Winter can be an ideal time to search for an NYC apartment

Apartment buildings and streets near Midtown Manhattan.
Beginning a new rental lease in the winter offers unique options.
Courtesy of AdobeStock/Lucas Inacio

Apartment hunters who got burned by New York’s red-hot rental market in the summer might welcome the chill of winter. The cold weather has historically favored apartment hunters with deals and negotiating power.

“Last year, the summer season was very hectic in New York City,” said RentHop’s Agent Success Manager, Allyson Waddell, a 24-year-old bisexual woman. She pointed out that the high rental prices “showcased” that craziness.

This winter, rental experts say rents were starting to slightly curb downward after a year and a half of record-breaking rents.

Brick Underground reported rents hit a plateau at the end of 2022. For the first time in 18 months, 2023 winter apartment hunters have additional negotiating power.

Crunching the numbers, Waddell looked at the median rental price for a one-bedroom apartment in New York City in January 2022 compared to last August. In January, one-bedroom apartments averaged $3,497. In August, rent peaked at $4,125.

“That’s a difference of $628 per month or a little over $7,500 per year, which definitely adds up,” Waddell said.

Looking around the city, she found a one-bedroom apartment in Hell’s Kitchen for $3,895, slightly below the median rental price citywide. Moving uptown in Manhattan to West and East Harlem, one-bedroom apartments are currently averaging between $2,500 to $2,600. In Washington Heights, the going price for a one-bedroom apartment is $2,250.

Crossing into Brooklyn’s Bedford-Stuyvesant, locally known as Bed-Stuy, a neighborhood that is currently undergoing gentrification, the median price for a one-bedroom apartment is $2,738.

A one-bedroom apartment in Brooklyn’s Flatbush and Bushwick neighborhoods is $2,800 right now, she said.

Waddell said deals can be made — so how can New York renters take advantage?

One way is to stay ahead of the game. Have your paperwork (meaning financial statements, letters of recommendation, and anything a landlord might find helpful in choosing to rent to you over someone else) ready to go before you look at apartments. That way, once you find the one you like, you can move quickly.

“Having everything ready will make sure you’re first in line” and give you the benefit of time when you submit your application, Waddell said.

Doing it yourself is empowering and satisfying, but sometimes you need someone in your corner. This is where agents come in. They know the lay of the land and can find hidden apartments not yet known to the public. They know which apartments are rent stabilized, or even rarer rent-controlled options, giving you an extra edge.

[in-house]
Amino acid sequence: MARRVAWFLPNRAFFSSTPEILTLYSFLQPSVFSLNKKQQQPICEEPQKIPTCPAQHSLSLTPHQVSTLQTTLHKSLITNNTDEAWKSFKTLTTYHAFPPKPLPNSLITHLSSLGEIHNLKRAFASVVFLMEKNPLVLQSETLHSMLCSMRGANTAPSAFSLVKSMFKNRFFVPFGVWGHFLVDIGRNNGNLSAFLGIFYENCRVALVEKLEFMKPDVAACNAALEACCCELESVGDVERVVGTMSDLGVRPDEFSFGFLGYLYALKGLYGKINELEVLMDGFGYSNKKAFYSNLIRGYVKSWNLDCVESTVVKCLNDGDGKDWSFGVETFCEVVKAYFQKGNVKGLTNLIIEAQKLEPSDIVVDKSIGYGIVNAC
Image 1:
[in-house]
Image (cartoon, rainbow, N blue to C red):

Check out agents by verifying their license is current with eAccessNY for free, check references, and read reviews. Make sure the agent understands your budget and what you are looking for before working with them.

Furthermore, renters hunting on their own can use online tools, such as RentHop’s filters, to search for “no-fee” and “by owner” listings. “No-fee” listings avoid apartment searches with brokers. Listings “by owner” means apartment searchers work directly with landlords or whoever is renting the apartment.

Networks online and offline are another great resource. Leverage the power of Facebook, using its marketplace and groups, such as Queer Housing New York City, and other networks. Rooms for rent, sublets, and apartments in LGBTQ households are listed. Other queer people seeking to team up to rent a place frequent these spaces online.

“Typically, networking with the community can help you get access to those groups, and then you can start finding other people who are looking to rent,” Waddell said.

Among other tips, people can try to negotiate $100 to $200 per month off the asking price of the rent or seek free rent for a month simply because of the season — especially if an apartment has been on the market for two weeks or more. Check listing dates and ask the owner or manager and neighbors.

If the apartment has been empty, don’t skip negotiating. The landlord might accept the lower price. If the landlord can hold out until spring, they will deny your request, but you might be able to negotiate other things.

Renters who negotiated a deal should watch for rent increases when their lease is up for renewal. If discounting rent isn’t an option, there are other ways to negotiate comfort and stability.

Renters can try to negotiate longer leases, such as 15 to 18-month, 12 to 24-month, or month-to-month leases.

“If a renter can try and negotiate that longer lease, it’s going to be appealing to that landlord. They’ll want to keep their vacancy low. It’s a guaranteed tenancy for a longer bit of time,” Waddell said.

However, she warned that renters should look at the timing of when the lease ends. If it expires in the spring or summer, renters can end up seeing their rent increase.

Negotiate a free washer and dryer in the apartment or dishwasher, storage space, and any other amenities that will make life easier.

Winter makes move-in day less stressful by lowering scheduling conflicts from getting keys to hiring a moving company and reserving elevators in your old and new buildings.

If you are uncertain about your job due to recent mass layoffs and economists teeter-tottering about an economic downturn, know the penalties for breaking your lease and how to avoid those penalties, such as: How much time do you need to give the landlord notice? Can you find another tenant for your landlord or roommate to take your place?